Post-operative CT finding according to the Lund and Mackey score in both groups decreased with no significant difference. The symptoms measured by SNOT score also decreased in both groups with no significant difference. This means that the use of septoplasty alone or combined with FESS in treatment of patients with CRS and deviated nasal septum gives the same outcome.

Ganjian et al. 1999 have established independent models of nasal obstruction and ostial occlusion in the same animal. Their findings suggested that integrity of nasal airflow seemed to have a significant effect on the maintenance of the aerobic antral environment, essential to the maintenance of normal sinus function [12].

Sarna et al. 2002 found that severe septal deviation had been noted as a contributing factor for sinusitis [13].

Jang et al. concluded that concave-side septal mucosa increases the incidence of chronic rhino-sinusitis due to impaired mucociliary transport, presumably because of ciliary loss, increased inflammation, and decreased density of glandular acini [14].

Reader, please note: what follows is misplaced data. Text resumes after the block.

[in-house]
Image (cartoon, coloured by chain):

By using a similar technique, other researcher reported that anatomical and histologic alterations were demonstrated on obstructed side leading to recurrent attacks of rhino-sinusitis [15].

Homsioglou et al. 2007 found that among three kinds of septal deviations, cartilaginous deviation, bony deviation, and high septal deviation, the later had a significant relationship with leading to recurrent rhino-sinusitis [16].

Hatipoglu et al. 2008 found that there was an association between the degree of deviation and the presence of sinusitis [17].

Another study showed that septal deviation is known to be the most common reason for OMC dysfunction, nasal obstruction, and nasal mucocilliary clearance alteration [9].